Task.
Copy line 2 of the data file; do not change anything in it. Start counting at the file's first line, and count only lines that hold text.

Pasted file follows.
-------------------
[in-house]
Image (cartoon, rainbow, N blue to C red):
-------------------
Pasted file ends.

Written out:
Image (cartoon, rainbow, N blue to C red):